a story told to her by a friend: "She was in the bakery and she talked to a nine-year-old boy. She asked him: 'Where are you from?' He said: 'I'm from Benghazi, we just ran away. They [the rebels] force us to have a new flag. They went door by door, they gave us a flag and they said you have to put it outside your houses. One of our neighbours said 'I don't want the flag'. They hit him, they gave him a bullet in his heart'."
1209: British Maj Gen John Lorimer, the chief of defence staff, is giving a briefing on the military situation in Libya: he has said the coalition operation in Libya is having a "very real effect", and that the Libyan government attack on Benghazi on Monday was "stopped in its tracks".
tweets: "In #Libya, you can being going out to pray at the local masjid and get arrested... sometimes you come back after a month, a year or never."
1155: The French government says it will support coalition partners on Libya when the US scales back its participation, Reuters reports.
1147: In the UK, David Cameron's spokesman says the prime minister has updated the cabinet on the latest developments in Libya. "The cabinet is completely united on the issue but clearly people do have questions," the spokesman said. He added that the issue of whether Col Gaddafi would be targeted was not raised, saying "we have a very clear position on that".
1142: UN Refugee Agency
tweets: "#UNHCR staff at #Tunisia's border with #Libya say they can hear gunfire coming from deep inside Libya."
1139: Officials at Nato headquarters in Brussels say they don't expect any decision for several days on whether the alliance should play a command-and-control role in military operations around Libya, the BBC's Chris Morris reports. He adds that there may be an agreement today for Nato to begin enforcing the arms embargo on Libya - this would primarily involve the use of naval assets which are already in the Mediterranean.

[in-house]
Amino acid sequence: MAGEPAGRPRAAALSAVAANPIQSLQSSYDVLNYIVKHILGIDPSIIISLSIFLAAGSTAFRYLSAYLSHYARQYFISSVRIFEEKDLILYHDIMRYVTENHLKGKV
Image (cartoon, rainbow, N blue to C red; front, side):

1135: Russian Defence Minister Anatoly Serdiukov condemns civilian deaths in Libya, Reuters reports.
1132: With the no-fly zone over Libya largely in place and attacks against ground targets continuing, there seems to be growing international criticism of the operation, the BBC's diplomatic correspondent Jonathan Marcus says. Even members of the coalition prosecuting the campaign seem uncertain as to how it should move forward; who should assume command; and even what the eventual goal should be, our correspondent adds.
tweets: "Gaddafi declares victory on the "crusaders" as a US jet crashes into Libyan soil. #Libya #USA #YEMEN."
1128: More from Mr Gates, who is currently visiting Moscow. He says that the fighting in Libya should recede in the next few days.
1126: US Defence Secretary Robert Gates says the coalition is going to great lengths to avoid civilian casualties in Libya, Reuters reports. Mr Gates also says that most Libyan targets are air defences which are isolated from populated areas.
1119: The US Command in Africa also confirms to the BBC that the plane which came down in Libya was based at RAF Lakenheath in Suffolk, Britain.
tweets: "Going into Libya is just the same as going into Iraq. Smoke and mirrors. Some of us are clever enough to see through it."